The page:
Pat O'Brien's style of guitar playing is much different than that of his predecessor, Rob Barret. Instead of attempting to cram as many notes into a solo as humanly possible, he opts for a more melodic style of soloing which adds to the approachability of the album. If you really sit down and take the time to listen to Tomb of the Mutilated, you will find that it is not an easy record to digest upon first spin. These traits have all but disappeared on Gallery of Suicide, and for those of you who insist that Cannibal Corpse are just a bunch of terrible musicians who can't play their instruments, this is definitely a record to dispel these accusations. While many would find it unthinkable, Gallery of Suicide even manages to secure a spot for an instrumental track, From Skin To Liquid
From a musical standpoint, Gallery of Suicide is an unquestionable triumph. A great quality of any 'Corpse album is the work of bassist Alex Webster, who plays with the famous dexterity he's always displayed. While most bass-work is usually mixed very low-profile in death metal, Alex's lower register is not drowned out amidst the pounding drums and guitar. Webster's bassline in Crushing The Despised
is a great example. The music on the album is more complicated and displays a diversity in the vibe of the record. Almost every song here is memorable at least by it's main riff, and titans like I Will Kill You
will have you in a neck-brace after the first listen. I would have to say that for the most part the songs on this record are not as straightforward as on previous efforts, such as the many tempo-changes which are present here coupled with the dissonance in the harmonies which adds to the feel of the album considerably.
When it comes to weak points on this album, I would be forced to point a finger at the vocals. While I think Fischer is a capable vocalist, Barnes' style appealed to me so much more. George's singing, if we can call it that is a clear departure from Barnes' work. At the same time, I can't say Fischer's vocals are much of a flaw considering that they suit the band's new style of writing. While most of what I have covered so far has been positive, I can't exclude the fact that Gallery of Suicide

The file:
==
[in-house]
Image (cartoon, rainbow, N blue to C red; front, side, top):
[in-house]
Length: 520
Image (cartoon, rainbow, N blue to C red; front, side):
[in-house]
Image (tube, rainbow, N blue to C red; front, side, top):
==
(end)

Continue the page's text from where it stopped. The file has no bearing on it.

is far from perfect, or even classic. Many of you Barnes purists will know when I'm talking about when I say I simply miss the rough and raw style of the old Cannibal Corpse. This is no Tomb of The Mutilated
, and that saddens me.
Gallery of Suicide
is a refreshing blend of technicality and death metal savagery. Although easy to underestimate, it is certain to reveal its uncompromising strength with a little time and patience. A solid addition to the band's discography, it may alienate many but it will surely attract and secure an entirely new breed of 'Corpse fanatics.
-Diversity throughout the record
-Accesible, an easy listen for the most part
-New vocal style
-Completely different feel than previous albums
-No bass solos from Alex Webster, ala Addicted to Vaginal Skin
-Lyrics are not up to par with those of Barnes
From Skin To Liquid
Stabbed In The Throat
Chambers of Blood
Centuries of Torment
Final Rating: 3.8